In midfield, Eintracht has seen in uptick in performance. For example, Alan Souza, Gelson Fernandes, and Jonathan De Guzman have all played well in recent matches. While Mijat Gacinovic and Lucas Torro have been constant and steady presences, the other three have all done their job when called upon and are making key plays. Hasebe has been playing well as a central defender and was excellent against Leipzig, and Russ was very solid against Hannover. Jovic has continued his form from last season, scoring two goals in 4 appearances, mostly as a sub. Eintracht is beginning to show off some depth. In all, solid midfield performances for Eintracht.

Finally, in goal returnee and loanee Kevin Trapp has been a bit up and down this season, but overall has performed well enough in goal.  It’s his job to keep while Rönnow’s knee ailment persists.  And Trapp’s been extremely solid and at times spectacular in the past couple weeks. It’s curious to see what will happen to the goalie situation when Rönnow returns from his knee ailment. After all, Rönnow looked very good in his only Bundesliga action of the season, posting a clean sheet against Freiburg.  Look for a rotation to form between these two as the season progresses.

Ante Rebic’s Return

After the Pokal Final, and his run in the World Cup Run with Croatia this summer, Rebic’s return in an Eintracht uniform was much anticipated around Frankfurt this season. After coming back late to training camp, and missing time with a foot injury sustained in the World Cup, the anticipation was growing in the Frankfurt area to see just how he would fit into Adi Hutter’s plans.  After not playing in any of the pre-season friendlies, and re-aggravating his foot injury in the SuperCup game against Bayern, many wondered what piece he would play.

His first real action of the season against Leipzig was a bit rough. Coming at 69′ as a substitute his timing and touch looked a bit rusty.  Rebic’s play against Monchengladbach much more was more crisp.  His break on the goal set up by Haller was timed perfectly, and in typical Rebic fashion he muscled his way to the goal.  After knocking over a defender and the keeper, the ball ricocheted directly to him for a wide open goal. Rebic was a nightmare for Hannover the entire time he was on the field.  He put pressure on the defense and bullied Hannover defenders for 81 minutes. His goal (45+’) showed off his strength, as he knocked over the defender to win the ball and blasted it past the keeper.  The goal he set up for De Guzman was showed off his burst, his stepover, and patience.  It’s a pass he’s not often to make, and it shows that he may have added a new layer to his already impressive game.  Along with the goal and assist, he also drew 6 fouls and often was tripped up on runs in the final third that could have led to more.  His activity is vital to The Eagles moving up in the table.  The questions on how he would fit in to Hutter’s system seem to have been answered: Perfectly.  The job of getting forward and wreaking havoc on the opposition fits very well with his style of play. The Eintracht Ultra’s have affectionately named Rebic die Ein-Mann-Bisonherde (The one man Bison Herd), and Hütter is letting him charge and roam free like Bison on the plains.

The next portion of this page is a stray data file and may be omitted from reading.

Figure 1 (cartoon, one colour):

The game against Hannover brought 3 much needed points in the standings.  It also brought much needed success on the field.  While most of the game was sloppy, Eintracht found a way to make key plays at the right times. While they still have much to work on, one can begin to envision the picture that Hütter has for the squad.  He inherited a tough, hard nosed, defensive oriented team.  That theme has continued this year.  Hütter has added some beautiful one touch soccer that we haven’t seen in Frankfurt for a while.  As the squad continues to gel, and with Haller, Rebic, and Filip Kostic learning to play together you can only imagine Eintracht continues to show marked improvement. With a challenging week ahead for the boys of Frankfurt, Hütter’s “solution” oriented will have to continue to find a way.

Next Up for Eintracht is a Europa League  clash on Thursday vs. Lazio.

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Brian Gilchriest

I am a freelance writer for the Bundesliga Fanatic, covering mostly Eintracht Frankfurt. I fell in love with the Bundesliga about the same time I fell in love with my wife, who is from Wiesbaden, De. I also write BriansSportsBlog, covering mostly American Soccer, as well as my thoughts on other sports.